An Open Letter to Sy Safransky, Editor and Publisher of The SUN Magazine

Disclaimer: It you have not heard of The SUN, I beg you to just take a look at the website. This slim magazine is a gift from an era almost lost today. The black and white photography is stunning, shocking and sometimes just not my cup of tea. The articles are short but so well written, I find myself underlining and dog-earring every issue. There is no advertising, that’s right, none. I am never bombarded as I flip the pages from poetry to Reader’s Write with incongruous ads.

The most recent issue was the 40th anniversary of the publication. Sy finally agreed to be interviewed. You can read it here, and I can’t suggest strongly enough that you take five minutes out of your day. We all need to stop and just listen sometimes.

The article spoke to me on many levels as I move through this phase in life. I felt the need to write back to Sy but also felt the need to boldly promote this man and his magazine.

Dear Sy,

My mother was a huge proponent of “Great Books of the Western World.” I remember well the nights she rushed off to her Great Books meetings,  as well as “The League of Women Voters.” I grew up ten years behind you but share much of how life was evolving then.

I wanted you to know the influence your publication and this particular interview have had on my view of life and how we communicate it. I always knew I would write. The stories and images cluttered up my mind until I leaned to write. I put those cursive letters, (so lovingly practiced as they danced above the blackboard – pure white wisps on a sea of green) into just the right order to form the words for me.

Unlike you, I pursued my addition in private, (OK, bad attempt at a pun) keeping locked diaries as a child and volumes of journals as a woman. Now, as a mother, sister, daughter and twice ex-wife, I write it all down digitally, that it may live until the next technology upgrade. My penmanship has suffered. This I know, because I still attempt to write it down “old school” from time to time and it is mostly illegible.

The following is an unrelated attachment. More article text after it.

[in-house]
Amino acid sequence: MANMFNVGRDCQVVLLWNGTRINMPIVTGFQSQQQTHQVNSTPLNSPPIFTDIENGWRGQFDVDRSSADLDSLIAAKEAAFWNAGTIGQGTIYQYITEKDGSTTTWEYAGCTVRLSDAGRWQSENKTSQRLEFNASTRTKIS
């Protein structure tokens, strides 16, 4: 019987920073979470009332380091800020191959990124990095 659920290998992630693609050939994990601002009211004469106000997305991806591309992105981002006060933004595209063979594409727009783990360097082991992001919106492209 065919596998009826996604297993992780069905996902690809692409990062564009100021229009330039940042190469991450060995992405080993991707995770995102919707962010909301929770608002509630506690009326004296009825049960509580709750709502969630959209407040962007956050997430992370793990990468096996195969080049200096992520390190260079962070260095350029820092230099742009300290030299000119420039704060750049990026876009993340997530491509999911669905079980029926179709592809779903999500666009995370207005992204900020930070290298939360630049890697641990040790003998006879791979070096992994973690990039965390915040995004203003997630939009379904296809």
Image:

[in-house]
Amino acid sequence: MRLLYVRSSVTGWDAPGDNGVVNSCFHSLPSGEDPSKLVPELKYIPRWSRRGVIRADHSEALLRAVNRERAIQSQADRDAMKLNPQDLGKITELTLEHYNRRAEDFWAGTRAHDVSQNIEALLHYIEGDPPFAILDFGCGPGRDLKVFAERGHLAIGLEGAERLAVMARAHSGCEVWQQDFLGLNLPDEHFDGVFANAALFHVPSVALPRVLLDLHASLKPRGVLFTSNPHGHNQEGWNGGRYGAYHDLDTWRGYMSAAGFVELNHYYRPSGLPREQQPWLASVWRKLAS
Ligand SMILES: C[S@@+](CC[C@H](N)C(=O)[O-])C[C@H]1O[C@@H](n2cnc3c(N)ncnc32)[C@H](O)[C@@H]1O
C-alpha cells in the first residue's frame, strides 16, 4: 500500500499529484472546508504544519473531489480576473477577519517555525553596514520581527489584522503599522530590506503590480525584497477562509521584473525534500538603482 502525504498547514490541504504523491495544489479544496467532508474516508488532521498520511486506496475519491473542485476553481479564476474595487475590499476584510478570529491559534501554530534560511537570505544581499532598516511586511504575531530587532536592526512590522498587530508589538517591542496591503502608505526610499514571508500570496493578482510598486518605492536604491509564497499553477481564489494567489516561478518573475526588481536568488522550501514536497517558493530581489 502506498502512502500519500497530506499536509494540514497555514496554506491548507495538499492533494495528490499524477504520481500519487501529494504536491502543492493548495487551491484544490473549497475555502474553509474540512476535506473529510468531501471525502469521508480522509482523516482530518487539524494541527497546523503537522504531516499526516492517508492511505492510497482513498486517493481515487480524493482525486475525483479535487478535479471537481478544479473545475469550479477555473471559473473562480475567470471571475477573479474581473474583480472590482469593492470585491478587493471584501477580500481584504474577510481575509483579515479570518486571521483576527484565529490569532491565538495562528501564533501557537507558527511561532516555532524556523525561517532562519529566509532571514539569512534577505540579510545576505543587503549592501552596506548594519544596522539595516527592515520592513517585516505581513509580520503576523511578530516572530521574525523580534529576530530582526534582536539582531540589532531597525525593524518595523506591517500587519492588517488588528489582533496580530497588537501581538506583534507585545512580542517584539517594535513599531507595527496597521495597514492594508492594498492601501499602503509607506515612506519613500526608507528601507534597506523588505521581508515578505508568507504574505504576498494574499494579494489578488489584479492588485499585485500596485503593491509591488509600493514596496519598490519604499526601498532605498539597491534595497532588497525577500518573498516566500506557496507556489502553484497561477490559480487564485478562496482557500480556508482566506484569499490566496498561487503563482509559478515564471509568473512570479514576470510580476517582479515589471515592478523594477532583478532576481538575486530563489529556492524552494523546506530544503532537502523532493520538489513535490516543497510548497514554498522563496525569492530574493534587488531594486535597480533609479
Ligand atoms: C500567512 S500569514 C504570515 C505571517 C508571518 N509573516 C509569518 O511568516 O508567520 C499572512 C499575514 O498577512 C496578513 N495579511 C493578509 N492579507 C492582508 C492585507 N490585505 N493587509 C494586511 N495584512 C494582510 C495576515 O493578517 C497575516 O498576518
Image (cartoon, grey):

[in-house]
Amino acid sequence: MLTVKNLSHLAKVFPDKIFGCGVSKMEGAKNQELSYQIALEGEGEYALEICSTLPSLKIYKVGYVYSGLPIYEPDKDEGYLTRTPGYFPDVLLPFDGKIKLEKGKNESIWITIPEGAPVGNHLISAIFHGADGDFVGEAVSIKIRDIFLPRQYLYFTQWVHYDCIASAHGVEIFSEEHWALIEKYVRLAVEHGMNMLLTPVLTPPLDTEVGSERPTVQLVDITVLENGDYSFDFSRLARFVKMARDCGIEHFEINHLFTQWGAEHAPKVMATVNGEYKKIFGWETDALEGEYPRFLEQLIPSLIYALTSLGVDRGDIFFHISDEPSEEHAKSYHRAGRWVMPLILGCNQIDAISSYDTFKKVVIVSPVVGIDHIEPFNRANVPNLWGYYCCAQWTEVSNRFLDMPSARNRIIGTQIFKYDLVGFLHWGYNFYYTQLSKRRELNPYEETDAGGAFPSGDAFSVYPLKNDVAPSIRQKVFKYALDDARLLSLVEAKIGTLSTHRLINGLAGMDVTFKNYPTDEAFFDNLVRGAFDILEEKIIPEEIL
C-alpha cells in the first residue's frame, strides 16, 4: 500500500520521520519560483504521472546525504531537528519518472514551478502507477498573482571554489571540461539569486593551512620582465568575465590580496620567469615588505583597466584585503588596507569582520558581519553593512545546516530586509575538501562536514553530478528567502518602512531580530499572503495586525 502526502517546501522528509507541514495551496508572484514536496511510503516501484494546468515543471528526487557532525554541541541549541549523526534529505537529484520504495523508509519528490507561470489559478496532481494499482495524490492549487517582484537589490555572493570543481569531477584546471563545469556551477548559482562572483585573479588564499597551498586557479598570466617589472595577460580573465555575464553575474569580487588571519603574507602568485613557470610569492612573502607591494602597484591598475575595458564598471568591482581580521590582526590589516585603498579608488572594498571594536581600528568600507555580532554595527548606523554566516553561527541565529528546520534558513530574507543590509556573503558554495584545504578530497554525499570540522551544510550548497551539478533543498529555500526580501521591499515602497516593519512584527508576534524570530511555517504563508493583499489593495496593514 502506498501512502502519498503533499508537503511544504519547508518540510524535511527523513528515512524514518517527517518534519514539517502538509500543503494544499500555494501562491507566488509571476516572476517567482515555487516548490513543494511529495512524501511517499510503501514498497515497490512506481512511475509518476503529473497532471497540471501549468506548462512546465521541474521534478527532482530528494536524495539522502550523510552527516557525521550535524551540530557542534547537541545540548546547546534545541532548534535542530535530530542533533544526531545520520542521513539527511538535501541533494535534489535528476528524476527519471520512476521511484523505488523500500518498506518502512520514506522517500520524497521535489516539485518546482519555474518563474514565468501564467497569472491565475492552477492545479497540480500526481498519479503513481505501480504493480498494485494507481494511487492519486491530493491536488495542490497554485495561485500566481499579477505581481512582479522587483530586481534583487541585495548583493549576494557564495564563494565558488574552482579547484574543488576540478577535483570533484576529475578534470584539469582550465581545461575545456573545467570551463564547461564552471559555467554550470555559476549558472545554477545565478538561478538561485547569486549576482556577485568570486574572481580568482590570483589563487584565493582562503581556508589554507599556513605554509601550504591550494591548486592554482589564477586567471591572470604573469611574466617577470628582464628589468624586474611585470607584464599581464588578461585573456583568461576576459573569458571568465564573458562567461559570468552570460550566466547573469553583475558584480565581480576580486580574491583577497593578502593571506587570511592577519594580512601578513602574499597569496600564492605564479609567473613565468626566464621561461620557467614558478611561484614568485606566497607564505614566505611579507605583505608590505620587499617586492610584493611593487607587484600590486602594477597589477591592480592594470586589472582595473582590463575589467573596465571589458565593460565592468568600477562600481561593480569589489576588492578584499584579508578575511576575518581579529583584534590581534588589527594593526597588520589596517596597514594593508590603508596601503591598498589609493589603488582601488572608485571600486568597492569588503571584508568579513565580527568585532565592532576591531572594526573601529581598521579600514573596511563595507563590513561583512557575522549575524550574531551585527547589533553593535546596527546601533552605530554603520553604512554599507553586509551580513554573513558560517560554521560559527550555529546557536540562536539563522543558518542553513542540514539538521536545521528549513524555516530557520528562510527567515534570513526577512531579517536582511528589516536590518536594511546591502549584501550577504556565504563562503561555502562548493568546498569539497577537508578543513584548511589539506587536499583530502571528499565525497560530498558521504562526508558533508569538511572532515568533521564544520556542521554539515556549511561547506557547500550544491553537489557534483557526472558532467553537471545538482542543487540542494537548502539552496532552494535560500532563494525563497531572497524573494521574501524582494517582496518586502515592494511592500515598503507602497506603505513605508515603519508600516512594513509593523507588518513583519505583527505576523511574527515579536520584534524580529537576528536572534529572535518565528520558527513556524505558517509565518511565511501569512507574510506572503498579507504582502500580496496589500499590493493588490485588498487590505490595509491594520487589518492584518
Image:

There were two paragraphs in your letter that I highlighted, underlined, then put a little star next to. Towards the end you spoke of failure; of marriages and magazines. If I may quote you here: “Still, that doesn’t mean they’ve failed. As Hermann Hesse wrote, ‘Some of us think holding on makes us strong, but sometimes it is letting go.'”  This should be plastered on everyone’s iWhatever as the screen saver. If I look at letting go as failure, it will be.

The other paragraph was the very last where you talked about the balance of work/life of The SUN and what the next life might bring. It was brilliant. May you find that perfect day in Yankee Stadium!

Thank you for what you have given.



The Man And His Magazine

The Man And His Magazine

6 thoughts on “An Open Letter to Sy Safransky, Editor and Publisher of The SUN Magazine

  1. Martha, what a touching tribute to a great man and a timeless publication. I just checked out the website, and you’re right – Wow! Thanks so much for the introduction. Wishing you a very Happy New Year! ~Terri

    • Thanks Terri, so glad Laura introduced us. I love following your adventures. As to The SUN, I only found it a year ago and look forward to every issue. So rare to find such a pure publication.

  2. Over the years I’ve seen the magazine here and there and read it when I found it, but I never knew much about it. Sy Safransky sounds like someone I’d love to sit down and talk with for a few years. The interview gave me a lot to think about and I might go back and read it again to make sure I didn’t miss any great thoughts like this one: “I think that a tried-and-true way to become more compassionate is to suffer plenty yourself.”

    • He did a writer’s workshop at the Rowe Center last June and I didn’t feel I could afford to go. Kicking myself now for missing the opportunity to meet him.

      I really do love the magazine. There are some issues that don’t necessarily intrigue me, one that comes to mind had a theme on prisons and prisoners. But I am never left without lots to think about, whether I agree or not. It is a bargain at any price.

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